Virulent orthopoxviruses (OPV) such as monkeypox and smallpox represent Category A select agents that could be used as biological weapons. Although smallpox is now extinct in nature, it was weaponized by the former Soviet Union and remains a significant concern due to the potential that remaining stocks of this highly contagious virus could fall into the hands of terrorists or rogue states. Monkeypox is less contagious, but induces disease manifestations similar to discrete smallpox and results in ~10% mortality in unvaccinated populations. For these reasons, monkeypox can easily be mistaken for smallpox and may lead to widespread panic during a bioterrorist attack. Monkeypox is still endemic in regions of the Democratic Republic of Congo (DRC) and possibly other parts of Africa. In 2003, monkeypox spread beyond the borders of the African continent and resulted in a substantial outbreak in the United States involving at least 72 potential or confirmed cases. Monkeypox is easily obtained, is stable when delivered by aerosol, and has the potential to be genetically manipulated for increased virulence. Therefore both monkeypox and smallpox represent a significant threat to homeland security in the United States. In this application, our goal is to develop rapid, point-of-care diagnostic tests capable of diagnosing disseminated orthopoxvirus infections such as monkeypox (as well as smallpox through a pan-orthopoxvirus detection system) in the context of true outbreak conditions. Chickenpox (varicella zoster virus, VZV) is commonly mistaken for disseminated orthopoxvirus infection and for this reason we will also develop rapid VZV-specific tests to use for differential diagnosis. Using an integrated dual-detection system, these novel diagnostic tests will combine serological analysis with direct detection of the pathogen to provide the broadest window of detection for identifying orthopoxvirus outbreaks. ? The Specific Aims of this application include: ? 1) Rapid serological diagnosis of OPV infection ? 2) Differential serological diagnosis of OPV versus VZV infection ? 3) Direct detection of OPV and VZV viral antigens in clinical specimens ? ? It is feared that viruses such as smallpox (30% mortality rate) or monkeypox (10% mortality rate) will be used as biological weapons. To aid in biodefense against these viruses, we plan to develop effective dual-detection diagnostic assays that allow rapid identification of these pathogens or the immune response to these pathogens. We plan to concentrate our studies on human monkeypox, itself a potential bioterrorism agent, because it also provides the most appropriate model for allowing real-life assessment of diagnostic capabilities during human outbreak situations and most closely mimics human smallpox which is now extinct in nature. ? ? ?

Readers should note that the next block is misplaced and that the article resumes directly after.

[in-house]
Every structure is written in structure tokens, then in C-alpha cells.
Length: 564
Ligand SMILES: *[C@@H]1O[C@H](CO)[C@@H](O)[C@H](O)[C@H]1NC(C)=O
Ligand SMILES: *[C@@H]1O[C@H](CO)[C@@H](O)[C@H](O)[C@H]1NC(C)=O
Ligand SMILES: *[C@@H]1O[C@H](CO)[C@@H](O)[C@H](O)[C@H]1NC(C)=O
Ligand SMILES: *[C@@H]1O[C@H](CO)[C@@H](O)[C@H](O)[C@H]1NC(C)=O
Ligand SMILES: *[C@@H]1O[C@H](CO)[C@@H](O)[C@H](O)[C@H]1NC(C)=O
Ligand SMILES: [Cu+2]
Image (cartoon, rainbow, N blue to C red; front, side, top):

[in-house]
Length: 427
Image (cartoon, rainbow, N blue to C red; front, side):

National Institute of Health (NIH)
National Institute of Allergy and Infectious Diseases (NIAID)
Small Business Innovation Research Grants (SBIR) - Phase I (R43)
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Special Emphasis Panel (ZRG1-IDM-R (12))
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Challberg, Mark D
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Najit Technologies, Inc.
United States
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Dubois, Melissa E; Hammarlund, Erika; Slifka, Mark K (2012) Optimization of peptide-based ELISA for serological diagnostics: a retrospective study of human monkeypox infection. Vector Borne Zoonotic Dis 12:400-9
Walker, Joshua M; Slifka, Mark K (2010) Longevity of T-cell memory following acute viral infection. Adv Exp Med Biol 684:96-107